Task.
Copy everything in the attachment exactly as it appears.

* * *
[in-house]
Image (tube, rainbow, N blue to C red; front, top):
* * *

[in-house]
Image (tube, rainbow, N blue to C red; front, top):